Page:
There’s certainly nothing unprecedented about partisan elected officials supporting nonpartisan candidates. When Alicia Estey won a Boise School Board race in 2018, she raised much of her $2,300 from Boise Democratic donors: former gubernatorial candidate A J Balukoff; Boise City Council member Holli Woodings; state Sens. Melissa Wintrow and Janie Ward-Engelking. Two years earlier, Beth Oppenheimer played to a similar base, raising close to $5,500 and winning a Boise trustee’s seat.

What’s happening in West Ada this fall isn’t new. But it comes as conservatives nationwide — mobilized over CRT and COVID-19 — appear to be focusing on school board elections and trustee recalls. To some, the school board backlash echoes 2010, and the Tea Party movement that helped Republicans flip the U.S. House, the Associated Press reported recently.

After spending much of the calendar year railing about CRT and COVID-19 protocols, the Idaho Freedom Foundation launched a survey of school board candidates. The response is sketchy; as of Thursday, the group has posted only 29 responses, representing a small fraction of the 179 candidates running in contested races. And the questions have a decided ideological slant. Voters can learn where a candidate stands on CRT, mask mandates or transgender bathrooms, but nothing about teacher retention, college and career readiness or reversing learning loss.

In other words, there isn’t much insight about the nuts-and-bolts work performed by trustees who make curriculum and textbook decisions, hire superintendents, and negotiate with local teachers’ unions.

But again, elections reflect their time. And at this time, many trustees are standing under a glare they probably couldn’t have imagined when they first ran for an unpaid school board position. In West Ada, Johnson is facing the threat of a possible recall election, as critics say the Blue Cross of Idaho employee should not vote on any district pandemic policies. In Boise, Estey resigned midterm last week, saying she could no longer juggle the demands of the trustee’s position with her administrator’s job at Boise State University.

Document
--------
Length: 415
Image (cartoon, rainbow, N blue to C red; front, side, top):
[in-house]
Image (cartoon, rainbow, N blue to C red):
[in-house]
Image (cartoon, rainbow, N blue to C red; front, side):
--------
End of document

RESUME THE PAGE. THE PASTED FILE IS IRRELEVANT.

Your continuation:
“For many people these jobs are just not super-desirable at this moment,” said Jaci Kettler, a political science professor at Boise State.

This year’s trustee elections — just the second round of November board races, the result of a 2018 state law — could be a one-off. They could prove to be a blip, reflecting anger over a global pandemic and education culture wars.

Or they could prove to be part of a more complicated trend. A trend toward increased voter interest, higher turnout — and, said Kettler, elections more likely to be decided by casual voters who might take their cues from ideological groups.

If so, the school board elections of Tom Luna’s political infancy would be rendered a quaint relic.

Each week, Kevin Richert writes an analysis on education policy and education politics. Look for his stories each Thursday.

 

Kevin Richert

About Kevin Richert

Senior reporter and blogger Kevin Richert specializes in education politics and education policy. He has more than 30 years of experience in Idaho journalism. He is a frequent guest on KIVI 6 On Your Side; "Idaho Reports" on Idaho Public Television; and "Idaho Matters" on Boise State Public Radio. Follow Kevin on Twitter: @KevinRichert. He can be reached at [email protected]